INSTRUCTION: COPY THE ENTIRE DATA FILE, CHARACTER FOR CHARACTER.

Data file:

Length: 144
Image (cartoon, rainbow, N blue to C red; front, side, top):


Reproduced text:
Length: 144
Image (cartoon, rainbow, N blue to C red; front, side, top):